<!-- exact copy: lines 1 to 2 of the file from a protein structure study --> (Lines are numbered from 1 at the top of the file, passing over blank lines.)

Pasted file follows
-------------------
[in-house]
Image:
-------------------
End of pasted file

[in-house]
Image: